Handling back button press Inside Fragments

This is the fourth part of a 6 posts series on Fragment oriented application architecture. In the previous post I talked about Inter-Fragment Communication. In this part I am going discuss about elegantly handling back button press inside fragments in a fragment oriented application.

(Sample application's source code and README)

Android devices have a hardware back button which normally serves the purpose of going back through the screens/actions stack. Callback to a back button press event is received in the foreground Activity (onBackPressed() event callback) which can be overridden and handled.

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Inter-Fragment Communication

This is the third part of a 6 posts series on Fragment oriented application architecture. In the previous post I talked about Transaction BackStack and its management. In this part I am going to talk about Inter-Fragment Communication. It's a general concept, not deeply linked to the context of this series.

(Sample application's source code and README)

It's a communication pattern over which fragments should talk to each other. Ideally, a fragment should never keep a reference of another fragment or even, in best case, of the specific parent activity. So, how would two fragments communicate? Consider the following scene.

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Transaction BackStack and its management

This is second part of a 6 posts series. In the first post I talked around basics of fragment oriented architecture. From this post onwards, I'll be talking about it's implementation details.

(Sample application's source code and README)

In this part I am going to talk about Transaction Backstack and few related methods that can be used frequently.
Transaction BackStack has often been misinterpreted as backstack of fragments. FragmentManager inside an activity deals with fragment-transactions rather than with fragments. An entry into this backstack is a 'fragment-transaction' which can be composed of one or more operations involving fragment(s). Reverting this would revert back all these operations together.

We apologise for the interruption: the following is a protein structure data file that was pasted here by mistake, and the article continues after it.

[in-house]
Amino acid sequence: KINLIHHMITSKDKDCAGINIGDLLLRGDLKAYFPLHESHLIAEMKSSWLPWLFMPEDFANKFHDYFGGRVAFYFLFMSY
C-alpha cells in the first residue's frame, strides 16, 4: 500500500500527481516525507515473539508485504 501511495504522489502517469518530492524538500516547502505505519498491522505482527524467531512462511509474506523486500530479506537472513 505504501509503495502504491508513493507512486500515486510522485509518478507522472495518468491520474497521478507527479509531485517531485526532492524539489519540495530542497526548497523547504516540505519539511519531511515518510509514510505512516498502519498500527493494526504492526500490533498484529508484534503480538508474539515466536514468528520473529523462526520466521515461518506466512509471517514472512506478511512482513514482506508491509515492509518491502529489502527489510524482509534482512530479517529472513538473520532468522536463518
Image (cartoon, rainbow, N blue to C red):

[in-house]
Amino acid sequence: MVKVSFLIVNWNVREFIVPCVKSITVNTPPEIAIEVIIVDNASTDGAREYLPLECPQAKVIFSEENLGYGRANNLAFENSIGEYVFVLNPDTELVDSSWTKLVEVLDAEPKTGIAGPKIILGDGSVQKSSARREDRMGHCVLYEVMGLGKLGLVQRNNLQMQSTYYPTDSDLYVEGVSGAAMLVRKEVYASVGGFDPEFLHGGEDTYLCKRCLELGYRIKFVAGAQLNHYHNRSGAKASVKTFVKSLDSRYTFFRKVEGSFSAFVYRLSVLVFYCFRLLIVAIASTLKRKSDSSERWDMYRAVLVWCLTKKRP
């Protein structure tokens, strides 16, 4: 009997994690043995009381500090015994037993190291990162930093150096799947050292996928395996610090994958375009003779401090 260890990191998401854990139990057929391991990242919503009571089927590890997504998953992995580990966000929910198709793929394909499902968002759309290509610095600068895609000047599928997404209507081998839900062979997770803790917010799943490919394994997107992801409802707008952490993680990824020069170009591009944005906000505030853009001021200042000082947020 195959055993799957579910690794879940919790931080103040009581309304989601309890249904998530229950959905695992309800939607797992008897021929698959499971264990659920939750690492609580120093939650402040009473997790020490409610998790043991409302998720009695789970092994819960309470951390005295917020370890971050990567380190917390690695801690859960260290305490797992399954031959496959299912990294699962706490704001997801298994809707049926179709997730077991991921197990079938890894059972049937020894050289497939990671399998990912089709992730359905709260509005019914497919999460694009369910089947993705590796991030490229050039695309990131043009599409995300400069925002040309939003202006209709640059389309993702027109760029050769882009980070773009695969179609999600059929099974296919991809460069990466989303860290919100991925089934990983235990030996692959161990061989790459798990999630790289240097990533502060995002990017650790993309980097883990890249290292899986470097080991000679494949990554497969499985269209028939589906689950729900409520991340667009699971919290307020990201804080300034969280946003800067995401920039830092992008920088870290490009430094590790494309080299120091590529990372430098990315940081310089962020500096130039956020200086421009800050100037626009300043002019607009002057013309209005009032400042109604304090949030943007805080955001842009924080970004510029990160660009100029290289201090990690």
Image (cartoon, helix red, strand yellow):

FragmentTransaction ft = getFragmentManager().beginTransaction();
ft.add(restId, fragmentA);
ft.replace(fragmentB);
ft.commit();

Above, is a single transaction clubbing multiple operations.

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Advocating Fragment Oriented Applications in Android

This is a series of 6 blog posts which explains about Fragment Oriented Architecture in Android applications. In this first post, I'm going to explain what is Fragment Oriented Architecture and why shall one care. In subsequent posts I'm going to talk about following topics.

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Compiling native libraries for Android L

Preparing your app for Android L ?

While using native executables in our existing Android apps we observed that those executables were no more working with Android L. We came to know that Android has introduced one more security feature starting from Android L i.e
Executable must be PIE (Position independent executable).

To compile a library adhering to above security feature you just need to follow these steps:

  1. Set following LDFLAGS or linker flags : -pie -fPIE
  2. Add --with-pic option while configuring the library.

Some libraries might use different configure options to compile the code with PIC (Position Independent Code) so to check all available configure options for PIC you can use this command:

./configure -h | grep -i pic

If there is no PIC option in configure script then you can try passing -fPIC option with your CFLAGS.

Now, compile the project (make, make install) and it should generate PIE.

To check if you've successfully generated a Position Independent Executable (PIE)

You can use "hardening-includes" package on Ubuntu or Debian.

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